Objective: This study aims to determine whether emergency contraceptive pills (ECPs) are less safe and effective for women with obesity compared with those without obesity.
Study design: We searched PubMed for articles through November 2015 regarding the safety and effectiveness of ECPs [ulipristal acetate (UPA), levonorgestrel (LNG) and combined estrogen and progestin] among obese users. We assessed study quality using the United States Preventive Services Task Force evidence grading system.
Results: We identified four pooled secondary analyses (quality: poor to fair), two of which examined UPA and three examined LNG formulations. Three analyses pooled overlapping data from a total of three primary studies and demonstrated significant associations between obesity and risk of pregnancy after ECP use. One analysis reported a 4-fold increased risk of pregnancy among women with obesity (BMI≥30kg/m2) compared with women within normal/underweight categories (BMI<25kg/m2) after use of LNG ECPs [odds ratio (OR) 4.4; 95% confidence interval (CI) 2.0-9.4]. Further analysis of the same LNG data found that, at an approximate weight of 80 kg, the rate of pregnancy rose above 6%, which is the estimated pregnancy probability without contraception; at weights less than 75 kg, the rate of pregnancy was less than 2%. Two analyses examining UPA suggested an approximate 2-fold increased risk of pregnancy among women with obesity compared with either normal/underweight women or nonobese (BMI<30kg/m2) women (OR 2.6; 95% CI 0.9-7.0 and OR 2.1; 95% CI 1.0-4.3, respectively), but CIs were wide. Finally, the fourth secondary analysis pooled data from three separate randomized controlled trials on LNG ECPs and found no increase in pregnancy risk with increasing weight or BMI and found no consistent association between pregnancy and both factors when adjusted for other covariates.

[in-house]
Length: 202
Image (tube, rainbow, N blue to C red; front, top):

Conclusion: While data are limited and poor to fair quality, findings suggest that women with obesity experience an increased risk of pregnancy after use of LNG ECP compared with those normal/underweight. Women with obesity may also experience an increased risk of pregnancy compared with women without obesity after use of UPA ECP, though differences did not reach statistical significance. Providers should counsel all women at risk for unintended pregnancy, including those with obesity, about the effectiveness of the full range of emergency contraception options in order for them to understand their options, to receive advanced supplies of emergency contraception as needed and to understand how to access an emergency copper intrauterine device if desired.
Keywords: BMI; Emergency contraception; Obesity; Weight.
Copyright © 2016. Published by Elsevier Inc.